MLB Prospect Power Rankings: Top 10 On The Cusp Of Reaching The Majors (August 9, 2017)

by Eric Stashin (aka The Rotoprofessor)

Which prospects are on the verge of making an impact in the Major Leagues? This weekly column will rank the ten who are closest (as well as other names that are being closely considered). Keep in mind that while talent is factored in opportunity plays a major role, so there may be some “lesser” prospects who rank fairly highly on the list (please note all stats are through Sunday and the number in parenthesis is the ranking from last week):

 

1) Dominic Smith – New York Mets – First Baseman (1)
Smith isn’t up yet, but it’s just a matter of time before he arrives.  Maybe the Mets are hoping to clear a roster spot with an August trade, and they have plenty of candidates, but one way or another Smith will be brought up to the Majors within the next few weeks.

The question remains whether or not he will be able to produce enough power or if he will ultimately profile as more of a James Loney-esque option.  He’s currently hitting .331 with 16 HR and 74 RBI, though his 1.76 GO/AO (45.1% groundball rate) is the number that is going to hang over him.  He hits the ball hard (28.4% line drive rate) and should be able to be a doubles machine, as he has been at Triple-A with 33, but that doesn’t change the potential limitations.

 

2) Rhys Hoskins – Philadelphia Phillies – First Baseman (5)
We can argue that Tommy Joseph should not be an impediment to the promotion of Hoskins, but it appears that the Phillies are unwilling to sit down their current first baseman.  That said, now that Aaron Altherr has hit the DL the team appears to be exploring other avenues to get Hoskins to the Majors.  On Monday he started in left field, and if he proves competent enough at the position he could quickly rise to the Majors.  His bat deserves the promotion, entering Monday hitting .280 with 27 HR and 84 RBI.  He already has 65 HR over the past two seasons, with a few more to come, and he’s notably dropped his strikeout rate (21.2% to 15.9%) while also maintaining a great walk rate (13.9%).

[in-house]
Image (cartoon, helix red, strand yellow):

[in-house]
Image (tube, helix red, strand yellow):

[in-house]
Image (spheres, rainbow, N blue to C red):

3) Reynaldo Lopez – Chicago White Sox – Starting Pitcher (2)
The rumors are that his recall is imminent, which isn’t a surprise considering the struggles of the current rotation.  Of course Lopez is also coming off is worst start in over a month, having allowed 4 ER on 4 H and 4 BB over 5.0 innings on Sunday.  It’s not a significant concern, though the fact that he coughed up 3 HR highlights the potential issue facing him in the Majors.  The owner of 131 K vs. 49 BB over 121.0 IP, he also has a 1.19 HR/9 as he’s struggled to generate many groundballs (36.3%).  Pitching in the American League, and in a hitter friendly ballpark, that’s a red flag that we can’t ignore.  There is upside, but it also wouldn’t be surprising to see him struggle once again.

Note: It’s now official that Lopez will be recalled to make his White Sox debut later this week

 

4) Lewis Brinson – Milwaukee Brewers – Outfielder (NR)
Brinson was sent back down to Triple-A, though you could argue that he deserved more of an opportunity.  At the same time he continues to struggle with strikeouts in the Majors (30.9% strikeout rate), and that justifies the team’s the decision.  He has been better at Triple-A (19.0%), and he may just need time at the level to learn and adjust to what they are trying to do against him.  He’s not going to get that at Triple-A, but sooner or later his time will come again.  When it does he brings both power and speed to the table, even if he doesn’t improve his strikeout rate (but that should come in time).

 

5) Alex Verdugo – Los Angeles Dodgers – Outfielder (10)
The Los Angeles Dodgers are the best team in baseball, so you really have to dig deep if you are going to find a “hole”.  That said Joc Pederson has not had a hit since July 28 and continues to struggle at the plate (.229 with 11 HR over 227 AB).  Luckily for LA their best prospect can help fill that void, as Verdugo can play all three outfield spots.  He’s not a big source of power or speed, though in this lineup he wouldn’t need to be.  Instead he just needs to be himself, showing strong plate discipline (9.5% strikeout rate vs. 10.2% walk rate at Triple-A) and help keep the offense moving.